Bob Frederick's father, Charles, was executive vice-president of the National Retail Farm Equipment Assn. He was a peripatetic flesh-presser often sought as a public speaker.
Frederick's job today as Kansas athletic director isn't that much different than his father's, even if an AD isn't what he always wanted to be.
"I wanted to coach high school basketball and teach algebra," Frederick said.
Frederick did coach basketball at a handful of high schools, including Lawrence High, but he never taught algebra. He taught chemistry instead. Why? Because a KU professor named Raymond Brewster had piqued his interest.
"Plus," Frederick confessed, "I didn't like calculus."
Frederick's admiration for a man named Denver Miller steered him down the coaching path. Miller was Frederick's high school basketball coach in suburban St. Louis.
"HE WAS coach at Kirkwood High from 43 years," Frederick said. "He got the job at 22 and coached there until he was 65. It was the only job he ever had."
Frederick's first coaching job required no teaching, just studying. He spent two years as a graduate assistant at Kansas working on a masters in education.
Then he landed his first high school job as an assistant coach -- and chemistry teacher, of course -- at Rich Central High in suburban Chicago.
It was either take that job or, in effect, starve.
"My first year as a graduate assistant I made $100 a month. The second year I made $200 a month," Frederick recalled. "My parents thought it was about time I got a real job."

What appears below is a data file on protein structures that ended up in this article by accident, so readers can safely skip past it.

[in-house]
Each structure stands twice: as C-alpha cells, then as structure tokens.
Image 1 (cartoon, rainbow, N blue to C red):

A couple of years later, he was back in Kansas, this time out west in Russell, with his first head coaching job. Then he took another step up the ladder, accepting the job at Coffeyville Community College.
ALL THIS TIME, Frederick had been working each summer as a counselor in Ted Owens' summer camp.
Was it possible for Frederick to become a full-time full-fledged assistant coach at his alma mater? He sought advice from Sam Miranda, then a member of Owens' staff.
"Sam told me just to work my tail off all the time. He said to make it tough for Ted not to notice me. So that's what I did."
Owens noticed. When Gale Catlett, now head coach at West Virginia, departed after the Jayhawks went to the NCAA Final Four in 1971, Owens hired Frederick as his replacement.
So he was back. He'd come full circle in less than a decade. And yet he was soon gone again. A year later, he took a higher-paying job as an aide at Brigham Young.
In the meantime, Frederick had met a KU graduate student named Margey Wallett. They were married in '72.
"When we drove into Provo, Margey cried because we didn't know anyone there," Frederick recalled. "When we left three years later she cried because we were losing so many friends."
THIS TIME Frederick was off to Stanford where he lasted a couple of years before the entire staff was fired. Instead of looking for another college job, Frederick returned to Lawrence in 1977 to resume doing what he had set out to do all along.
He coached boys basketball and taught chemistry at Lawrence High.
Four years later, at the urging of KU chancellor Gene Budig, Frederick began working seriously toward a doctorate in educational administration. At about the same time, he took a higher-paying job as head of the KU athletic department's Williams Fund.
In 1984 he earned his PhD. In 1985 he became athletic director at Illinois State because, he said, "I didn't think I had a chance to get the Kansas AD job unless I went someplace else and proved myself."
Two years later, Frederick came back to Lawrence again, replacing Monte Johnson as the No. 1 man in the Kansas athletic department.
"I always saw him as one with enormous potential," chancellor Budig said, "and I was right."